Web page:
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Anonymous versus Los Zetas drug cartel … a merry Mexican dance

Threats of exposure have been met with threats of murder – or so it seems. Eneas.

In recent weeks, the fractured nature of Anonymous, the hacktivist collective, has come to the fore after it declared war on Los Zetas, a Mexican drug cartel.

Dubbed “Operation Cartel”, it was announced by Anonymous Veracruz, ostensibly in response to an Anonymous member being “kidnapped” while handing out leaflets during Operation Paperstorm.

Nobody doubts the desperate situation in Mexico, with a drug war that has claimed the lives of(at least) 40,000 people in the past five years. Border towns such as Juarez have played host to 8,000 deaths in the past three years alone and the violence has spread to previously safe cities such as Veracruz.

The pervasiveness of death has been accompanied by a vicious cycle of ambiguous, unreliable information and fear.

Commenting on the Anonymous announcement, Deborah Bonello, a Mexican reporter wrote in The Guardian:

“The ability to distribute information that is unvetted, unverified and often from unnamed sources across a plethora of platforms is both a blessing and a curse. A blessing because information is harder to suppress and control, but a curse because of the opportunity it creates for propaganda and misinformation that is then reported by the media and acted upon by the public as fact.”

She was talking about the drug cartels, but the quote could have been applied equally to Anonymous. After the announcement, Stratfor analyst Ben West released a video report stating any attempts by Anonymous to expose the Zetas could be met with a “risk of abduction, injury and death”.

The rather tenuous link West made between evidence of the use of “computer scientists” by the cartels to engage in cybercrime, to track Anonymous attackers, and then to follow up with assassinations was ignored by all later reports.

The Anonymous story then became even more confused as the operation – scheduled for November 5 – was called off. The kidnapped Anonymous member was apparently returned along with a threat that the Zetas would kill ten people for every name of a Zeta associate released by Anonymous.

There has been no evidence produced that there was a kidnap in the first place, nor of the subsequent release of names or the threat of follow-up deaths.

But this is not the end. Barrett Brown, a former member of Anonymous, declared last week that OpCartel was still on. Brown further claimed to be in possession of emails linking US officials and others with the Zetas. Barrett Brown is writing a book about Anonymous, but is viewed with scepticism by others in Anonymous and on Twitter.

Other than releasing names (Dox) of individuals likely to be involved with the Zetas, it was never clear what Anonymous would be able to do. But, like all other businesses, drug cartels are increasingly using technology as the basis for their operations.

It is this dependence on computers and networks that makes them potentially vulnerable to groups such as Anonymous (and of course governments that are fighting them legitimately).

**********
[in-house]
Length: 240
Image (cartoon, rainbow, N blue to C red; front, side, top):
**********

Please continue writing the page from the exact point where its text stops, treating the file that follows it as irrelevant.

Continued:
The Stratfor analysis claimed the drug cartels were using hackers of their own to engage in cybercrime. They are using sophisticated electronics and communications networks, and using social media to track victims.

The use of social media especially has escalated recently with cartel members misdirecting the police by reporting a shootout on Twitter and then carrying out an operation elsewhere.

The rapidity of news spreading on Twitter also caused panic when two Veracruz residents tweeted that gunmen were kidnapping children from schools. It later turned out to be a false alarm and the two residents were arrested and charged with terrorism and sabotage.


They were later released after protests from internet-freedom and human-rights activists.

Given moves by the drug cartels to control media, including social media, it’s possible the Zetas and other drug cartels would be concerned about possible attention paid by groups such as Anonymous.

The “Anonymous brand” brings with it media and public attention. The web defacements and DDoS attacks are little more than inconvenience for the targets but serve to publicise significant societal issues. This is something Anonymous itself recognises.

Another campaign that never materialised was #OpFacebook. The initial suggestion was that Facebook would be brought down or attacked on November 5. Anonymous denied this later, saying on Twitter that the group would not “kill” the messenger.

Anonymous thrives on pushing its message over whatever media it can, including, as in the case of Operation Paperstorm, paper.

The difficulty with all Anonymous campaigns is sustainability. Having brought the Mexican situation to the public’s attention, the meme just as rapidly dissipates as newer events take centre stage. But there are plenty of reasons why the Americans should care about this.

If you believe Fox News, it would appear the human misery brought about by drug cartels is causing tens of thousands of Mexicans to flee across the border.

More importantly, the drugs that are being fought over in Mexico are largely destined for the USA and will continue to bring untold ruin in their wake.

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